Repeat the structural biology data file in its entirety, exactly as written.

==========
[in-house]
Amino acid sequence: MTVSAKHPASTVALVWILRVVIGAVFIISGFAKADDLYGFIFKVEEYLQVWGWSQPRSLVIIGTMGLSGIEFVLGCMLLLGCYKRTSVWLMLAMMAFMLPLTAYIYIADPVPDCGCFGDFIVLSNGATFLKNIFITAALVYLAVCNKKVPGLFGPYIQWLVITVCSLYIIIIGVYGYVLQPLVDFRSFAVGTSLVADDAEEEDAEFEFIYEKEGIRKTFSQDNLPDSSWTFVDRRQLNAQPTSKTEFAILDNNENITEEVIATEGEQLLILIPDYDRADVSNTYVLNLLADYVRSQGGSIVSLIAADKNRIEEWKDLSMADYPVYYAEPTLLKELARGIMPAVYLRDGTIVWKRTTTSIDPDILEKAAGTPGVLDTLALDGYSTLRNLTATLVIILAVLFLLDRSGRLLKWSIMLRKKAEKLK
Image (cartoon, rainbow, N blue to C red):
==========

[in-house]
Amino acid sequence: MTVSAKHPASTVALVWILRVVIGAVFIISGFAKADDLYGFIFKVEEYLQVWGWSQPRSLVIIGTMGLSGIEFVLGCMLLLGCYKRTSVWLMLAMMAFMLPLTAYIYIADPVPDCGCFGDFIVLSNGATFLKNIFITAALVYLAVCNKKVPGLFGPYIQWLVITVCSLYIIIIGVYGYVLQPLVDFRSFAVGTSLVADDAEEEDAEFEFIYEKEGIRKTFSQDNLPDSSWTFVDRRQLNAQPTSKTEFAILDNNENITEEVIATEGEQLLILIPDYDRADVSNTYVLNLLADYVRSQGGSIVSLIAADKNRIEEWKDLSMADYPVYYAEPTLLKELARGIMPAVYLRDGTIVWKRTTTSIDPDILEKAAGTPGVLDTLALDGYSTLRNLTATLVIILAVLFLLDRSGRLLKWSIMLRKKAEKLK
Image (cartoon, rainbow, N blue to C red):